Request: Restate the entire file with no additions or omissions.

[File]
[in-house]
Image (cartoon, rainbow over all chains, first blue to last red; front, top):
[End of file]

[in-house]
Image (cartoon, rainbow over all chains, first blue to last red; front, top):